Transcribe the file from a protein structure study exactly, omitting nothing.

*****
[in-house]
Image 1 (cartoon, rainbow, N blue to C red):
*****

[in-house]
Image 1 (cartoon, rainbow, N blue to C red):